5.   There is no dispute in the instant case as to whether the plaintiffs are qualified individuals with disabilities.

6.   Similarly, the RA prohibits discrimination by entities receiving federal funds.   See 29 U.S.C. § 794 and 28 C.F.R. § 41.51(d) (providing that programs and activities shall be administered “in the most integrated setting appropriate”).

7.   There is no dispute in the instant case as to whether community placement is appropriate for the plaintiffs.

8.   An inescapable irony of the decision to cap prescriptions for participants in the Advantage program is that, given that the cost of institutional care is approximately twice as high as community-based care, if the plaintiffs are indeed forced to enter a nursing home to obtain necessary medical services, any cost savings achieved by the prescription cap will be quickly eroded.

9.   Because this is an appeal from a summary judgment motion, we must view the facts in the light most favorable to the plaintiff;  thus we assume that Fisher's expenses will fall at the high end of the $45-60 range projected by defendants.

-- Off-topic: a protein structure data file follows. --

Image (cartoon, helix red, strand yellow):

10.   In their initial complaint, plaintiffs raised a single Medicaid Act claim:  that defendant Fogarty “violated Title XIX by failing to give plaintiffs adequate notice of their opportunity to request a hearing and continue to receive the same level of services if they file a timely appeal.”  (Joint App. at 142.)   This notice argument is not now before us.   Plaintiffs subsequently amended their complaint, but did not add any new Medicaid Act claims.   Only after defendants moved to dismiss did plaintiffs make the Medicaid Act arguments that are now made to this court.